China and Iran
Ancient Partners in a Post-Imperial World
John W. Garver
- Published: 2006
- Subject Listing: Political Science, Asian Studies, Middle East Studies
- Bibliographic information: 392 pp., 19 tables, bibliog., index, 6 x 9 in.
- Territorial rights: World
"Could not be timelier...At a time when Washington is trying to cajole China into helping to halt Iranian efforts to build nuclear weapons and long-range missiles, diplomats and scholars ought to put this solid, sober, well-researched, reasonably priced book near the top of their reading lists." - -Choice Magazine
Iran's nuclear aspirations increasingly dominate its relations with the United States and Europe. China remains one of Iran's strongest allies on the Security Council, and also its most likely supplier of technology and assistance, built on decades of close economic and military relations. Iran is enjoying strong new influence in the Middle East and Asia following record oil profits and Shi'i victories in Iraqi parliamentary elections. Like Iran, China fought for decades to increase its self-reliance and geopolitical influence after painful experiences under European colonialism, which spurred nationalist revolutions.
With China and Iran: Ancient Partners in a Post-Imperial World, John Garver breaks new ground on the relationship between the People's Republic of China and the Islamic Republic of Iran. Grounding his survey in the twin concepts of civilization and power, Garver explores the relationship between these two ancient and proud peoples, each of which consider the other a peer and a partner in their mutual determination to build a post-Western-dominated Asia. Successive governments of both China and Iran have recognized substantial national capabilities in each other, capabilities that allow the countries to achieve their own national interests through cooperation. These interests have varied - from countering Soviet expansionism to resisting U.S. unilateralism - but the cooperative relationship between the two nations has remained constant.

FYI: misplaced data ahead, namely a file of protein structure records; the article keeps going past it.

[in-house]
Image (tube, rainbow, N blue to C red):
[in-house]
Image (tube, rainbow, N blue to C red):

In his compelling analysis, Garver explores the evolution of Sino-Iranian relations through several phases, including Iran under the shah and before the 1979 revolution; from the 1979 revolution to 1989, a year marked both by the end of the Iran-Iraq war and the beginning of conflict in Sino-U.S. relations; and from 1989 to 2004. China and Iran includes discussion of the current debates at the International Atomic Energy Agency over Iran's nuclear programs and China's role in assisting these programs and in supporting Iran in international debates. Garver examines China's involvement in Iran's efforts to modernize its military, including China's offer of weapons, capital goods, and engineering services in exchange for Iranian oil, suggesting links between this energy exchange and China's support for Iran in political arenas.
In today's political climate, where China is recognized as a rising and increasingly influential global power and Iran as one of the most powerful nations in the Middle East, this book presents a crucial analysis of a topic of utmost importance to scholars and the general public today.
John W. Garver is professor of international affairs at the Georgia Institute of Technology. Among his previous books are Protracted Contest: Sino-Soviet Rivalry in the Twentieth Century and Face Off: China, the United States, and Taiwan's Democratization.
"An excellent study of complex and understudied issues. It is absolutely seminal in the sense that there is no book at all on this topic, and precious few articles. China and Iran is a major contribution to the field." - Kamran Aghaie, University of Texas at Austin
"Garver has again proven himself to be the nation's leading scholar of China's foreign relations. This pathbreaking scholarship provides a much-needed corrective to media caricatures and fills a void of reliable information." - David Shambaugh, George Washington University
"Garver's painstaking research shows how China and Iran try consistently to resist perceived American hegemony and invoke their ancient relations to legitimize the convergence of their national interests. Garver empathetically probes these relations from the perspectives of their leaders, rather than his own American lenses." - R. K. Ramazani, University of Virginia
"Garver's incisive and lucid work draws attention to the range and depth of China-Iran cultural interactions and how these shape their perceptions and projection of power.... These rigorous, refreshing, innovative insights on the intricacies of regional politics are likely to recast our thinking on power relationships in Asia and the Middle East." - Saaed Shafqat, Columbia University
"A tour de force of the highest importance to U.S. policymakers and scholars alike." - Ambassador Thomas Graham Jr.
"The first of its kind, Garver's timely book combines exciting insights on politics, ideology, Islam, and energy, as well as military and nuclear policy. This will be the standard work for some time to come." - Yitzhak Shichor, University of Haifa